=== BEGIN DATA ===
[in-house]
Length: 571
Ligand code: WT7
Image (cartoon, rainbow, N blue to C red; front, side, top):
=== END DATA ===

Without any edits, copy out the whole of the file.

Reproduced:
[in-house]
Length: 571
Ligand code: WT7
Image (cartoon, rainbow, N blue to C red; front, side, top):